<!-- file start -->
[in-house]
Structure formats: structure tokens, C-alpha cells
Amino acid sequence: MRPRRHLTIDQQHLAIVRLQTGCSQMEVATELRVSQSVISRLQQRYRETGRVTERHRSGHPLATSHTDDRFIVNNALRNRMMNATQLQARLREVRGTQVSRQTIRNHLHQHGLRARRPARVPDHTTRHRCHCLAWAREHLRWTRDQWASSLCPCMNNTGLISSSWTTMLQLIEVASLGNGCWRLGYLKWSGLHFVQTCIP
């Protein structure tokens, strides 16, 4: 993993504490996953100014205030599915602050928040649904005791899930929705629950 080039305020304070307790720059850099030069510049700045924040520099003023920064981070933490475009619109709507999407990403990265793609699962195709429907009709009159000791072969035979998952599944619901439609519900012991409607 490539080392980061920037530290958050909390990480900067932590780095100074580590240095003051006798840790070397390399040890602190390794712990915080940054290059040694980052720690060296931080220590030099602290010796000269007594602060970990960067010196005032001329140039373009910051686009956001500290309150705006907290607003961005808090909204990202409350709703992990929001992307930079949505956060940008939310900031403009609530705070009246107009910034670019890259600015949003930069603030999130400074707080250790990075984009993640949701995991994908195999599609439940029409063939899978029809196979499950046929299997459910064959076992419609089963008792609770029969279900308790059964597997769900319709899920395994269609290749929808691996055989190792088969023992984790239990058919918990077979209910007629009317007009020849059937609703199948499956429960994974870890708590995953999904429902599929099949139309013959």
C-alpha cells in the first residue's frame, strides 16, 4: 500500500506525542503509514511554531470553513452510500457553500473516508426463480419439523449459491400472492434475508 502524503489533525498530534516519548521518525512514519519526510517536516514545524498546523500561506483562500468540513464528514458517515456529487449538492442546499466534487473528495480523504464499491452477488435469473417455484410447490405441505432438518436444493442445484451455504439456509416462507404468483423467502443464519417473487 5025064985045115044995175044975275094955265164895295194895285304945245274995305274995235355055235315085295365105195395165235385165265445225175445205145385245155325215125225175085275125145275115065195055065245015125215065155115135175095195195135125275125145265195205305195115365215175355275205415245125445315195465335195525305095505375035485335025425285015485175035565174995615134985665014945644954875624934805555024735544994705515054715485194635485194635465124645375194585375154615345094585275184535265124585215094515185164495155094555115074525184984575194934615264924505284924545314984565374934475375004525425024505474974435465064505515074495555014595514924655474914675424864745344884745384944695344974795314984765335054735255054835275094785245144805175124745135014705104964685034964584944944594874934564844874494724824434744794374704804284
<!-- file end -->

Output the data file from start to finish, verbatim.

[in-house]
Structure formats: structure tokens, C-alpha cells
Amino acid sequence: MRPRRHLTIDQQHLAIVRLQTGCSQMEVATELRVSQSVISRLQQRYRETGRVTERHRSGHPLATSHTDDRFIVNNALRNRMMNATQLQARLREVRGTQVSRQTIRNHLHQHGLRARRPARVPDHTTRHRCHCLAWAREHLRWTRDQWASSLCPCMNNTGLISSSWTTMLQLIEVASLGNGCWRLGYLKWSGLHFVQTCIP
């Protein structure tokens, strides 16, 4: 993993504490996953100014205030599915602050928040649904005791899930929705629950 080039305020304070307790720059850099030069510049700045924040520099003023920064981070933490475009619109709507999407990403990265793609699962195709429907009709009159000791072969035979998952599944619901439609519900012991409607 490539080392980061920037530290958050909390990480900067932590780095100074580590240095003051006798840790070397390399040890602190390794712990915080940054290059040694980052720690060296931080220590030099602290010796000269007594602060970990960067010196005032001329140039373009910051686009956001500290309150705006907290607003961005808090909204990202409350709703992990929001992307930079949505956060940008939310900031403009609530705070009246107009910034670019890259600015949003930069603030999130400074707080250790990075984009993640949701995991994908195999599609439940029409063939899978029809196979499950046929299997459910064959076992419609089963008792609770029969279900308790059964597997769900319709899920395994269609290749929808691996055989190792088969023992984790239990058919918990077979209910007629009317007009020849059937609703199948499956429960994974870890708590995953999904429902599929099949139309013959």
C-alpha cells in the first residue's frame, strides 16, 4: 500500500506525542503509514511554531470553513452510500457553500473516508426463480419439523449459491400472492434475508 502524503489533525498530534516519548521518525512514519519526510517536516514545524498546523500561506483562500468540513464528514458517515456529487449538492442546499466534487473528495480523504464499491452477488435469473417455484410447490405441505432438518436444493442445484451455504439456509416462507404468483423467502443464519417473487 5025064985045115044995175044975275094955265164895295194895285304945245274995305274995235355055235315085295365105195395165235385165265445225175445205145385245155325215125225175085275125145275115065195055065245015125215065155115135175095195195135125275125145265195205305195115365215175355275205415245125445315195465335195525305095505375035485335025425285015485175035565174995615134985665014945644954875624934805555024735544994705515054715485194635485194635465124645375194585375154615345094585275184535265124585215094515185164495155094555115074525184984575194934615264924505284924545314984565374934475375004525425024505474974435465064505515074495555014595514924655474914675424864745344884745384944695344974795314984765335054735255054835275094785245144805175124745135014705104964685034964584944944594874934564844874494724824434744794374704804284